The phrase ''child abuse'' often immediately brings to mind the image of a child beaten black and blue by an angry parent or caregiver. This is merely one scenario and perhaps the easiest to contrive because one can see what has been done to the child. It sparks people's emotions and a desire to take action against the offending adult. In reality there are many faces of child abuse and many more acts that leave scars ''invisible'' to the naked eye. There is a tendency to ignore children who display no physical or outward signs of abuse. A large number of these children go unrecognized, living in environments that hinder their potential and their development as secure, healthy individuals.
''Child maltreatment'' is a term designed to draw attention away from the purely abuse-related acts or injuries that children suffer. It is an all-inclusive term to describe, in essence, when a caregiver does something or fails to do something that has harmed or threatens to harm a child in his or her care. Child abuse refers to acts of commission, which are done to a child and cause harm (or the threat of harm), whereas child neglect refers to acts of omission, acts that are not done to or for a child, which result in harm (or the threat of harm). In using the separate categories of child abuse and child neglect there are further distinctions that can be made. Abuse is often categorized into physical, sexual, psychological, and emotional abuse. Neglect is often categorized into physical, emotional, medical, and educational neglect. The most commonly reported statistics are those for physical abuse, sexual abuse, and overall child neglect.
How are child abuse and neglect manifested? Physical abuse involves harming the physical body with such acts as kicking, punching, stabbing, or beating a child with an object; whereas physical neglect involves not taking care of the needs of the physical body with food or shelter. A child's exposure to a harmful environment (such as one in which drug use is occurring) could also be construed as physical neglect because of the threat of harm to the child (i.e., if the child were capable of getting to the drugs himself, or if the drugs impaired the ability of the caretaker to adequately supervise the child). Similarly, emotional abuse might involve harming a child emotionally by yelling, threatening the child, or calling the child demeaning names, such as ''stupid.'' Emotional neglect would be failing to provide emotional support for a child such as happens when a caretaker abandons a child or lacks any affection for a child. For many children, different forms of maltreatment occur at the same time.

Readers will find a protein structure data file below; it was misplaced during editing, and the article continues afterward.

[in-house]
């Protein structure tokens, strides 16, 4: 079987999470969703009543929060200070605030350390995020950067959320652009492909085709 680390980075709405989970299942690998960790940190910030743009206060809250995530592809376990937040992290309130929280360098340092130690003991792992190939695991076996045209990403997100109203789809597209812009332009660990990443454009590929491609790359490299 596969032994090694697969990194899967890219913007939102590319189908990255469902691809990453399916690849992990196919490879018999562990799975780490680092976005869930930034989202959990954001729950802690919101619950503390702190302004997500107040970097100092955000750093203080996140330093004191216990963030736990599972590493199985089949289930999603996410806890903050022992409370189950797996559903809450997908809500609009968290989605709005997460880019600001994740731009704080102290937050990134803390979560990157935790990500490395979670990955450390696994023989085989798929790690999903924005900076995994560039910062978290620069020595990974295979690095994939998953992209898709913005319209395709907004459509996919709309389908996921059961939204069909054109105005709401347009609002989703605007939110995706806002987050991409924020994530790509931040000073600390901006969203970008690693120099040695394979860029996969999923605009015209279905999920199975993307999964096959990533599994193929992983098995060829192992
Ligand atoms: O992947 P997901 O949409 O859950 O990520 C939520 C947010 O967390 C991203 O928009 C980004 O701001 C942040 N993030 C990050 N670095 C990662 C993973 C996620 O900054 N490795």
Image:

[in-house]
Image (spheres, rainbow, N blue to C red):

While these definitions seem self-explanatory, there is much debate about what constitutes abuse and neglect in the United States. In other words, the practical application of these terms is not always easy. At the broad ends of the spectrum, there is usually little argument about whether abuse or neglect has occurred. If a parent takes an iron and intentionally burns his two-year-old child just because the child wet the bed at night, few would argue that this was child abuse. Yet, if a single parent working two jobs to support the family has no time at the end of the day to interact with his children, is this neglect? The larger issue is that having such definitions implies that there are certain standards for parenting or caring for children. With such a diverse and multicultural population, clear differences in parenting styles and standards exist. The task of deciding where abuse and neglect fall in that spectrum is challenging.
Another issue of debate in defining child maltreatment involves the societal response to child maltreatment. Social workers, medical professionals, and law enforcement personnel are most often involved in cases of child maltreatment. Each profession has its own criteria for identifying abuse and neglect. Law enforcement, for example, is concerned with proof of abuse or neglect and assigning culpability; in other words, who is to blame? The law requires respondents to look for and present ''evidence'' of maltreatment, when evidence may not be readily apparent. In many sexual abuse cases, for example, a child has made statements that indicate abuse, but the physical exam of the child is normal. Despite what the child has disclosed, it is rare for these cases to be brought to trial without physical evidence of abuse being present.
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